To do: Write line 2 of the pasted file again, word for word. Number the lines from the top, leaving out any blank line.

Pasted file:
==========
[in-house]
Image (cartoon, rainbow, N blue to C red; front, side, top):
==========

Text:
Image (cartoon, rainbow, N blue to C red; front, side, top):